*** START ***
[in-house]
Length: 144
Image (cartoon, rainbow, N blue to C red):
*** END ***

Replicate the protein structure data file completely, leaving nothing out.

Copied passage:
[in-house]
Length: 144
Image (cartoon, rainbow, N blue to C red):